- Canadian Solar (CSIQ) is a solar power company, which designs, develops and manufactures solar wafers, solar cells and solar power products. The Company’s solar power products include standard solar modules and specialty solar products. It makes money by making and selling solar panels, as well as operating solar farms and selling the electricity it generates to customers.
A good way to mitigate risk while still investing directly in renewable energy is to buy shares in companies that do more than just renewables. The first 4 stocks mentioned above are diversified in other industries.
Type: Stocks Min Required: N/A Investment Difficulty: Easy Risk: Medium to High Expected Yearly Return: 5% to 10%
Exchange Traded Funds of Wind and Solar
ETFs are a great way to invest in renewables with a diversified approach. They hold a basket of different companies like a mutual fund.
The Guggenheim Solar ETF, (TAN) seeks investment results that correspond generally to the performance of an equity index called the MAC Global Solar Energy Index. The Index consists of approximately 25 stocks of the solar energy industry.
The PowerShares WilderHill Clean Energy Fund (PBW) is a broad renewable energy ETF that tracks the Wilderhill Clean Energy Index. This ETF acts as a general proxy for U.S. based renewable energy companies.
Both ETFs pay a small dividend. ETFs are a good way to invest in a broad spectrum of companies. However, renewable energy companies can still be highly volatile. TAN fell by more than 70% during the 2008 recession.
Type: ETFs Min Required: N/A Investment Difficulty: Easy Risk: Medium Expected Yearly Return: 4% to 8%
Mosaic is an energy company in the U.S. that connects high quality borrowers who want to install solar panels on their homes, with investors who are willing to finance the deal. It’s similar to a peer to peer lending program, but specifically aimed at funding solar projects. Investors can choose which projects and borrowers they want to support. Loans are typically 10 to 20 years long, and the average interest rate is about 5%. According to study by Solar City, the projected annual default rates for these loans are very low; about 0.3%. The borrower who installs the photovoltaic panels on their own rooftops save money over the long run because they no longer have to rely on traditional electricity from the city’s grid. The investor makes money as well by earning interest from the upfront loan, so it’s a win win. This is a valid option for investors looking for a low maintenance, long term investment with okay returns and regular cash flow.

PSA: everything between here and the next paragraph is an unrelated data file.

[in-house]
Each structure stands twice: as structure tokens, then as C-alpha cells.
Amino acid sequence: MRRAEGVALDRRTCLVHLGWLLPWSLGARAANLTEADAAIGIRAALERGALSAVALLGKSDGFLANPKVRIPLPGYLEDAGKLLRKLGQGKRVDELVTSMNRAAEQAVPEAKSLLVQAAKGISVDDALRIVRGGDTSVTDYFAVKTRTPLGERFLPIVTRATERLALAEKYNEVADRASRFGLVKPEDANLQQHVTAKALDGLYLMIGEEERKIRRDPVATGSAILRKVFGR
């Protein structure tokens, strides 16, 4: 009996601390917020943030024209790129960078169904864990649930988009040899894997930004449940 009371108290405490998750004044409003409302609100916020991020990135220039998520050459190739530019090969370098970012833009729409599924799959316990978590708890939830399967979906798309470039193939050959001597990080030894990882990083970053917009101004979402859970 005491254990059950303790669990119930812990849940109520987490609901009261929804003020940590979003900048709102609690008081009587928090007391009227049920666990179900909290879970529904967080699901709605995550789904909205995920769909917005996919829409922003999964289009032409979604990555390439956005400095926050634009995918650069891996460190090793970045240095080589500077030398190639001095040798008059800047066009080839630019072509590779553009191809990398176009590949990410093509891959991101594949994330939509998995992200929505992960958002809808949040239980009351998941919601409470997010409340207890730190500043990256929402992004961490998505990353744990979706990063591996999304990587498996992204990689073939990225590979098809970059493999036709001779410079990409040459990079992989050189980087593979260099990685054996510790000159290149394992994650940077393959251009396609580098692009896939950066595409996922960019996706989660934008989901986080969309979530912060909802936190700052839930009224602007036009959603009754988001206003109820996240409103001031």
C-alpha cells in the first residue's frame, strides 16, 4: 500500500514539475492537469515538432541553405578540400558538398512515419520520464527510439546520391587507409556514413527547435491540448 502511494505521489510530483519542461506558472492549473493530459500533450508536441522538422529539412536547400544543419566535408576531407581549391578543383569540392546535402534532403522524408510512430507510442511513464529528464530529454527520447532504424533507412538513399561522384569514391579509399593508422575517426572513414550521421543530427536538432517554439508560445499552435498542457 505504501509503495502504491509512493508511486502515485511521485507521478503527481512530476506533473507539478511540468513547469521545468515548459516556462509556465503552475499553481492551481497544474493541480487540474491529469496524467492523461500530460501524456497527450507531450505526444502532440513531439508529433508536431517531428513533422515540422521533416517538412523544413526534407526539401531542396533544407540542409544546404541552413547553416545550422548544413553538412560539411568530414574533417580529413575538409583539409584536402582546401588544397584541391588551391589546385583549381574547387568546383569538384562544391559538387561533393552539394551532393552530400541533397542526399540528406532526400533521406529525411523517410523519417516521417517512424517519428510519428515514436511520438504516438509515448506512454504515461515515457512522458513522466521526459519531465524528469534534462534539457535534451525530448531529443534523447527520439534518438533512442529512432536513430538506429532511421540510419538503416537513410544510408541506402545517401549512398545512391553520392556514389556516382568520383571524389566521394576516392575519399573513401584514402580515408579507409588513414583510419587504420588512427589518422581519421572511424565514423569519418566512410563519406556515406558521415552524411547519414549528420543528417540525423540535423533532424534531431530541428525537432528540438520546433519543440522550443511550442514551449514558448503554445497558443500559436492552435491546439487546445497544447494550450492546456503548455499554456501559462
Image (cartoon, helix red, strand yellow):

Type: crowd-funding Min Required: $25 Investment Difficulty: Easy Risk: Low Expected Yearly Return: 4% to 6%
Exempt Market Funds
Solar Income Fund (SIF) based out of Toronto, ON is sort of like a private equity fund where the managers gather money from investors to buy contracts, and solar panels, and pay for the operation of its solar farms. Due to the feed-in tariff program in Ontario, the government sells contracts to renewable energy companies. The contract dictates that the Ontario government must buy electricity from the green company at a fixed rate for the next 20 years. The rate under contract is sometimes 10 times higher than the market value of electricity. This huge premium creates an incentive for more companies to go green.
The fund returns a fixed 8% a year, and any additional profits are split 60/40 between the investor and the management team at exit. My friend Financial Underdog over at Money Ramblings recently wrote a detailed article about the exempt market, and how to invest in it.
Type: Exempt Market Min Required: $1,000 Investment Difficulty: Moderate Risk: High Expected Yearly Return: 8%+
DIY Renewable Energy Projects
If you’re a hands-on type of person you could consider installing solar panels on your roof or a wind turbine in your backyard, subject to your city’s approval of course. In most cases it’s not financially viable to do this yet. A wind turbine setup can cost $100,000. And solar panels can cost $10,000 to $20,000 depending on where you live. Most Canadians use subsidized electricity anyway. That’s why we only pay $0.08/kWh here in B.C. In a future post I’ll break down the costs and benefits of installing private solar panels.
Type: Hands On Min Required: $10,000 Investment Difficulty: Hard Risk: Depends on Knowledge Expected Yearly Return: 2% to 10%
The world of renewable energy is truly fascinating. I didn’t even realize Suncor and Enbridge were large players in this space prior to my recent research. I look forward to put some more money into this sector and ride the wave to the top. 🙂
Disclaimer: I own SU, SIEGY, ENB. I plan to buy BEP.UN and SIF.
Random Useless Fact
You’re twice as gullible as you think you are.